NASA has plans for its first large-scale aircraft demonstrator in decades. Which aircraft? Although a supersonic low-boom flight demonstrator (LBFD) is the most mature concept, NASA has several other potential candidates.
Boeing backs a low-boom demo as an essential step toward a future high-speed airliner, but the initial beneficiary of the technology is expected to be a supersonic business jet—a market sector that has not enjoyed overwhelming support from lawmakers. But with Airbus now backing supersonic business-jet developer Aerion, the jobs issue yet may carry the day.
Lockheed Martin demo aircraft proposal
NASA has other, subsonic flight-demonstrator options in the works, but none are as far forward as the LBFD and may not be ready for launch if funding does become available in fiscal 2017.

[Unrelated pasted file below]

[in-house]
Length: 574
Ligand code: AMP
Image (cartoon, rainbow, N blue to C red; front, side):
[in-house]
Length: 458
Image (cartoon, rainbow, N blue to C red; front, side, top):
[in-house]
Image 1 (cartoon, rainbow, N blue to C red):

The D8 “double-bubble” airliner concept is proposed by Aurora Flight Sciences and Lockheed Martin’s Hybrid Wing Body (HWB) airlifter.
The “double bubble” D8 Series future aircraft design concept comes from the research team led by the Massachusetts Institute of Technology.
Based on a modified tube and wing with a very wide fuselage to provide extra lift, its low sweep wing reduces drag and weight; the embedded engines sit aft of the wings. The D8 series aircraft would be used for domestic flights and is designed to fly at Mach 0.74 carrying 180 passengers 3,000 nautical miles in a coach cabin roomier than that of a Boeing 737-800.
Boeing has the long-studied Blended Wing Body (BWB) and more recent Truss-Braced Wing (TBW) airliner configurations.
Truss-Braced Wing (TBW)
Blended Wing Body